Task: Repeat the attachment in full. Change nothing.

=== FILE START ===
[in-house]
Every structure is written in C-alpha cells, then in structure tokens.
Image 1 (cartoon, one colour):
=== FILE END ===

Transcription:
[in-house]
Every structure is written in C-alpha cells, then in structure tokens.
Image 1 (cartoon, one colour):